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African Journal of Environmental Science and Technology

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The effect of crude oil on growth of the weed (Paspalum scrobiculatum L.) – phytoremediation potential of the plant

EM Ogbo, M Zibigha, G Odogu

Abstract


The use of grasses for phytoremediation of crude oil polluted soils especially in the tropics is a new area of study with a lot of potentials. The effect of different levels (0.00, 2.50, 5.00, 7.50, 10.00, 12.50 and 15.00%) of crude oil contamination on the growth of Paspalum scrobiculatum, a common weed in Nigeria was investigated. The weed is found growing luxuriantly in crude oil contaminated sites in Delta State, Nigeria. 3, 6 and 9 plants per pot of standing crops of the test plant were used for the study. The results show that the plant has potential for phytoremediation as it grew successfully in the different levels or concentrations of crude oil contamination. The different levels of crude oil contamination caused significant reduction in the growth of the plant using plant height, fresh weight and leaf area. The effect increased with increasing levels of contamination (e.g. there was reduction in the leaf area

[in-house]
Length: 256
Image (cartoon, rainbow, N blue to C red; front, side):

from 68.47 cm2 in control to 34.07 cm2 in 15.00% level of contamination). The contamination did not cause significant reduction in the dry weights of the plant in 3 plants per pot and 6 plants per pot treatments but only in the 9 plants per pot treatment where the control recorded significantly higher dry
weight than all other treatment. The weed can be used for the restoration of crude oil contaminated soils as it showed great potentials by being able to withstand the high levels of crude oil contamination. It was observed that crude oil contamination did not affect biomass production of the test plant using dry weight basis and plant density improved the performance of the plant in the contaminated soils.

Key words: Phytoremediation, Paspalum scrobiculatum, crude oil contamination, phytotoxicity, biomass



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